A ‘spectator’ is a person who is observing a chess game within the playing area. This includes players who have finished their games (FIDE Rule 12.5) but does not include someone who has got up from his board to wander around; that person is still a ‘player’. Media personnel, if any are present, are also regarded as ‘spectators’.
Rule 13.7a states that spectators are not allowed to speak about or otherwise interfere in a game. Common instances of this rule being broken are when an illegal move is made or when a player’s flag falls and a ‘spectator’ points it out, gestures, or simply gasps, thereby drawing attention to the fact. If this occurs, usually in a time scramble, it’s unfortunate for the player whose flag has fallen, because his opponent may also be very short of time and had not noticed the flag-fall. But the result of the game stands. There’s no requirement or option to replay the game (NB. it is an option under US Chess Federation rules, which differ from FIDE’s), or for the game not to count for grading or rating purposes. It’s important that young players are aware of this rule as they are often the culprits.
In the event of a spectator offending this rule, the arbiter may expel that person from the playing venue. In most cases, however, the spectator would just receive a warning.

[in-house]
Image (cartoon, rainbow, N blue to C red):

Spectators are allowed to inform the arbiter (but only the arbiter) if they happen to observe an irregularity.
No one (including a ‘spectator’) may use a mobile phone or any kind of communication device in the playing area and any contiguous area designated by the arbiter (Rule 13.7b).
Finally, the following ‘rules’ have been extracted from a US chess site. They are intended to apply equally to spectators and parents, as well as to players observing other players’ games. They are all perfectly valid in this country (except we call them ‘crisps’ – see #8):
1. Don’t ‘camp out’ to watch a particular game.
2. Don’t stand in front of or make eye contact with any player whose game you are observing.
3. Don’t make faces or gestures or convey in any graphic way an opinion of the game being observed.
4. Don’t discuss or even whisper an opinion of a game being observed.
5. Don’t speak privately with any player at or away from the board while his or her game is in progress.
6. Don’t take pictures after the first ten minutes of a game when using flash or a camera with an audible shutter unless you have prior approval from a tournament official.
7. Don’t take pictures at any time from a location that makes you an obvious distraction to the players.
8. Don’t make any noise, such as opening a bag of potato chips, within earshot of a game in progress.
9. Absolutely do not point out flag fall or illegal moves, or otherwise attempt to play the role of tournament director by intervening in a game for any reason.
10. Don’t discuss a game at its conclusion in the tournament room or attempt to analyze a game at the board.
11. You may make a tournament director aware of concerns about perceived cheating or rules violations of players or other spectators, but do not attempt to enforce rules yourself.
12. Do, of course, comply with any requests or instructions issued by tournament staff. Be aware that a tournament director may ban spectators from the viewing area if necessary.